Beginning Wednesday, Jan. 15, Fitchburg youth ages four months through 12 years will have a new option for learning how to swim.
Goldfish Swim School, 2922 Hardrock Road, opens next week, and despite several other swim schools already in the area, owner Laura Liras is confident their unique approach called “the science of swim play” will set them apart.
“Kids learn best through play – high fiving, lots of music, songs, games,” Liras said. “Kids have a bond with their instructor and get excited about coming.”
It’s the second Goldfish Swim School in the state and one of 90 in the franchise across 34 states. It will be managed by Cindy Gonos. Gonos brings to the school a background in health, wellness and fitness. She relocated to the area eight years ago.
Liras lives in Michigan, though some of her extended family, including sister-in-law Eugenia Walters, are Wisconsin residents. Walters left her job as a banker to become the assistant general manager of the new school.
Liras noted that they are all are mothers, so they all understand kids in addition to management and leadership.
A focus on moms guided their decision on where to place the new school. After looking all over Madison and Fitchburg, they decided the expanding Hardrock Road location was “mom central,” and felt nearby businesses were all places moms frequented.
But it’s not all about the moms at Goldfish. Because of the number of fathers who bring their children on Saturdays at her location, Liras jokingly calls them “Dadurdays.” She says quite a few grandparents bring their grandkids, as well.
The school was founded in 2006 in Birmingham, Michigan by Jenny and Chris McCuiston. The McCusistons developed a teaching philosophy based upon science that demonstrated children learn best when they learn through play.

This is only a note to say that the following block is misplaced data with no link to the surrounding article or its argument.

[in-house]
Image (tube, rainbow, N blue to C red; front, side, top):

Consulting childcare specialists, educators and swim experts, they created a curriculum focused on providing a safe environment and learning through guided play.
Part of learning to swim in a playful environment will include celebrating milestones by awarding ribbons regularly, even for little achievements such as putting on goggles for the first time.
“Swimming is a lifesaving skill, but also a confidence booster worth celebrating,” Liras said.
It was at the original location in Michigan that Liras, owner of the Fitchburg location, took her own children to learn to swim and got to know the McCuistons personally.
The concept behind its curriculum is not the only distinctive feature of the new swim school. Individual private changing rooms are provided, as opposed to a locker room, the “shiver free” pool is heated to 90 degrees while the pool room is maintained at 92 degrees, and the pool’s sanitation system mixes salt with chlorine which lessens the harshness of the water. Liras says they have state of sanitation technology and will be testing their water three times a day.
In the 75 by 25 foot pool, they will hold multiple classes at once, running classes six days a week. Lessons are 30 minutes and children will attend one lesson a week.
The school will offer perpetual lessons, which means students will not have to wait for a new session to start before beginning. Children will be placed into classes based on their skills, not age. Goldfish also has tools and curriculum developed specifically for kids with special needs.
There will always be a lifeguard present. There will also be deck supervisors, who help evaluate to make sure kids are meeting all goals during their classes, while the instructors concentrate on instructing.
The climate-controlled pool is contained inside a full glass room, where parents can observe comfortably from outside, enjoying tea and coffee the school will have available.
Gonos said many parents change their kids into pajamas after lessons and take them straight home to bed. A large vanity mirror has surfboards on either side for seats and a row of hairdryers, where children and mothers enjoy socializing after classes.
On the wall, spanning the entire length of the 75-foot pool, is a mural of the ocean. Found amongst the whales and fishes are a snorkeling Bucky Badger, a sea lion in a cheese head hat, Camp Randall stadium and the state capital building. Artist Joe Scola travels the country painting a localized mural at every new Goldfish School location.
“I think there’s a lot of unique things about goldfish,” Liras said. “Like any industry, there are different fits for different families. I definitely think we have enough of a niche that families will find a good environment here.”